“Beuys wanted democracy to be effective”
Joseph Beuys’ art was often political, as was the artist himself. What exactly was his stance though? Beuys co-founded the Green Party, but also met up with former Nazi comrades. Above all, he was a pragmatist, according to Bettina Paust, head of the city of Wuppertal’s cultural office and author of a new handbook on Beuys’ work.
By Wolfgang Mulke
Ms. Paust, just in time for what would have been Joseph Beuys 100th birthday, the Bündnis 90/Die Grünen party has a promising chancellor candidate running in the Bundestag election for the first time. It almost seems like a posthumous affirmation of the party’s co-founder, Beuys, who was instrumental in setting up the Green Party in 1980 that later merged into Bündnis 90/Die Grünen after German reunification. Was Beuys actually a dedicated Green?
In the early days, the Green’s platform had not yet been clearly defined, but that wasn’t what Beuys was after at all. He was more interested in finding a way to bring about social change through art. This meant he was focused on issues that were and are still central to the Greens, such as environmental protection, or climate protection today. Beuys wanted democracy to be effective because he had grown up in a time when democracy was a foreign word. Socialised under National Socialism, he was a member of the Hitler Youth, and volunteered for military service as a soldier during World War II. In the 1950s, he sought ways to use art to advance understanding and action for a better world. That is when his ideals matched up with the Greens. Beuys explored how we might shape the world to raise our awareness of sustainability and of action designed to serve the common good, topics he addressed in his art.
How does his political commitment fit with the fact that he met with former Nazi comrades-in-arms?
Every now and then, he took part in smaller meetings with former war comrades. Perhaps it is a good symbol of how complex Beuys was, the contradictions inherent in his character. But I think accusing him of being a Nazi sympathiser goes too far. His utopia of social sculpture takes the exact opposite approach, and values trusting every human being with the ability to participate in the development of a society in a positive way. This is the antithesis of fascist ideology.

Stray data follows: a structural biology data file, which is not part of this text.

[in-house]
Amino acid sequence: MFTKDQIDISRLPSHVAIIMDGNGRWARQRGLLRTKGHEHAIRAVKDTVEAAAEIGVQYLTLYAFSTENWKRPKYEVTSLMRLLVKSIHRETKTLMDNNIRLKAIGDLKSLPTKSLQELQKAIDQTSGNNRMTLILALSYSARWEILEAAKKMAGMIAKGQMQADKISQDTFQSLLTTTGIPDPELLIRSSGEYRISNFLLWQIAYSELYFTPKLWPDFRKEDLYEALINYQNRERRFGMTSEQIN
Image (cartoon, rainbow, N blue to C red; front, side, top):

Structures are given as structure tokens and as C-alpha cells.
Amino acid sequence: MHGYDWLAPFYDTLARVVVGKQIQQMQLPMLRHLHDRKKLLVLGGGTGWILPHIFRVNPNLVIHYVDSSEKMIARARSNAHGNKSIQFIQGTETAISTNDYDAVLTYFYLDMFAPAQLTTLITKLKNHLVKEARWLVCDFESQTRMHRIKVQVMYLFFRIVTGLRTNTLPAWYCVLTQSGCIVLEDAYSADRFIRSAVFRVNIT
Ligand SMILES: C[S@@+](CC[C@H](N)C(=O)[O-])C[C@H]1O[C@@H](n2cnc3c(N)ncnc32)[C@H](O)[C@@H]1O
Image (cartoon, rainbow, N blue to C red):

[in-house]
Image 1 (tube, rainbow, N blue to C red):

Another facet is his closeness to anthroposophist Rudolf Steiner. Some critics accuse him of an affinity for esotericism. Is that the case?
Beuys was not an artist who can be easily defined. He created a huge cosmos from the most diverse fields of knowledge. Anthroposophy was a central element of this, and he sometimes took Steiner quite literally. Also, secret sciences like alchemy or shamanism and other not rationally explainable concepts played a big role in his work. His central criticism of the development of the Western industrial societies of the 20th century was, in short, that they were too strongly influenced by the ratio and materialism. Beuys was not an esotericist; he was far too much of a pragmatist for that.
Similarities to the current pandemic, when conspiracy theories are making the rounds and government restrictions are accused of being dictatorial, are practically impossible to ignore. Would have Beuys have joined the ranks of the aluminium hat wearers?
I do not think he would have. It would have been beyond him to distance himself as far from reality as the coronavirus deniers or conspiracy theorists have. Beuys was a clear and visionary thinker. When he said, “Now we shall overcome the party dictatorship”, Beuys turned against a politics that does not permit or even suppresses other opinions. Beuys wanted to allow everyone to express themselves freely. Although Beuys moved more and more into the political field with his art from the 1970s on, he did not see himself as a politician in the traditional sense, and consequently didn’t fit into a party structure particularly well. He wanted to use artistic means to break up entrenched party structures. This is where he ultimately failed, if we consider that his participation in the Green Party was only a brief guest appearance.
You allude to the fact that he withdrew from active involvement just a few years after the national party was founded in 1980, though he had been working toward it for a while. That was in 1982, when he wanted to run for the German Bundestag but was not top listed for candidacy. He remained a party member anyway. How would you describe Beuys’ legacy?
Beuys took art and artistic endeavours in a few new directions, such as through a new understanding of sculpture and the associated use of specific materials. As an impulse generator, his greatest legacy is two-fold: his performance pieces with living and dead animals have made him an important reference for contemporary art with living animals. His 1974 piece in New York with a live coyote was a milestone for artistic action with animals, even if some take a critical view of it today. That was when he spent several days with a coyote in a newly opened New York gallery. The two became closer during this time.
Exactly. The other is socially engaged art – his idea of social sculpture, that ultimately states that everyone can and should influence social processes so as to promote the common good. Today, many artists and collectives take up social issues, including urban development. Beuys’ thoughts and ideas are still highly relevant – both in the context of art and far beyond. The question of Beuys’ legacy should not be about slavish adaptations of the work and the person of Beuys, but rather about the question of how we want to shape the world at present and in future. Beuys contributed some valuable ideas here.